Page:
Wednesday, March 26, 2008
Rangers at War: LRRPs in Viet-Nam by Shelby L. Stanton . The 9th Infantry Division LRRP (Long Range Reconnaissance Patrols) Platoon became the LRP Detachment which became E Company, 50th Infantry which became E Company, 75 Infantry (Rangers) which... Got all that? Don't worry, Shelby Stanton sorts it all out for you. He not only presents the history of Rangers and LRRPs unit by unit, but also paints a vivid picture of the toughest of all jobs in Vietnam. Read and reviewed by Jimmie A. Kepler.
Monday, March 24, 2008
Flags of Our Fathers by James Bradley is one of the best World War II books I have ever read and I have read many books on World War II. The book takes you past the split second that picture was taken and puts you into the lives of the men. You learn about more than just the few moments surrounding that infamous moment in Marine history, you learn about romance in the U.S., and you learn about their families, you learn about the men who served along side the flag raisers and you learn of the impact that one picture had on their lives, and its not quite what you thought.
I strongly recommend this book. It brought a whole new found respect for those who fought to preserve my freedom. It is about more than just the flag raisers, it is about all the wonderful servicemen who gave me the country I have today. I recently saw the movie based on the book. The book is much better than the movie. Skip the movie, read the book. Read and reviewed by Jimmie A. Kepler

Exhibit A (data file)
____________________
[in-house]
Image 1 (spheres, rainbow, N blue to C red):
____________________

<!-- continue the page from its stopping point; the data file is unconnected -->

Tuesday, March 18, 2008
Grant and Sherman: The Friendship That Won the Civil War by Charles Bracelen Flood examines the relationship between the two great generals. It provides much information, but little of it new, on the two individuals. It shows as Sherman is quoted, "that we are as brothers."
The book gives the background of each man and his family prior to the outbreak of the Civil War. I enjoyed the coverage given of Grant's and Sherman's relationships with friends, family members, and their wives. The book shows the chemistry and respect the two have for each other. The book depicts Grant as the commander and Sherman as the consummate subordinate who managed to achieve the ideal balance between loyalty and strong advice. It becomes clear that one would not have accomplished nearly as much without the other.
The book could have been titled from failure to success as it explains how each man came to his responsibilities in the US Army. I enjoyed seeing the relationship between the two develop. We see it grow as they had a nominal knowledge of each from their West Point days where Sherman was two years ahead of Grant to where Sherman's presence encourages Grant while he is writing his memoirs.